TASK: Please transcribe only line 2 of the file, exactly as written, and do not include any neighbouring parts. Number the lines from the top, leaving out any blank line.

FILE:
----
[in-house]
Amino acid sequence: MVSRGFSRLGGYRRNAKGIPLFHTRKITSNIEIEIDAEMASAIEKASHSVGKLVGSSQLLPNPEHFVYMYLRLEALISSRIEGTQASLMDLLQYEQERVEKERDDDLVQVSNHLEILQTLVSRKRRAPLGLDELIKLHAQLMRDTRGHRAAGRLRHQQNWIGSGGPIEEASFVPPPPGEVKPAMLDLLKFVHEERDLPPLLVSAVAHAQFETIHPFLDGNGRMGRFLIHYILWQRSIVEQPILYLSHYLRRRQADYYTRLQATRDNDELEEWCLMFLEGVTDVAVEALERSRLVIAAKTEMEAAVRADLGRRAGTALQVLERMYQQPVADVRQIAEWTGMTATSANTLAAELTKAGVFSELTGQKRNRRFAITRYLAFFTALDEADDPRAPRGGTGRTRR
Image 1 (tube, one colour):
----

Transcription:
Amino acid sequence: MVSRGFSRLGGYRRNAKGIPLFHTRKITSNIEIEIDAEMASAIEKASHSVGKLVGSSQLLPNPEHFVYMYLRLEALISSRIEGTQASLMDLLQYEQERVEKERDDDLVQVSNHLEILQTLVSRKRRAPLGLDELIKLHAQLMRDTRGHRAAGRLRHQQNWIGSGGPIEEASFVPPPPGEVKPAMLDLLKFVHEERDLPPLLVSAVAHAQFETIHPFLDGNGRMGRFLIHYILWQRSIVEQPILYLSHYLRRRQADYYTRLQATRDNDELEEWCLMFLEGVTDVAVEALERSRLVIAAKTEMEAAVRADLGRRAGTALQVLERMYQQPVADVRQIAEWTGMTATSANTLAAELTKAGVFSELTGQKRNRRFAITRYLAFFTALDEADDPRAPRGGTGRTRR